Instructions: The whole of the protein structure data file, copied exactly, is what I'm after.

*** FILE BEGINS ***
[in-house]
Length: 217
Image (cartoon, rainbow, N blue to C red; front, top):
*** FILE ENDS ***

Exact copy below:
[in-house]
Length: 217
Image (cartoon, rainbow, N blue to C red; front, top):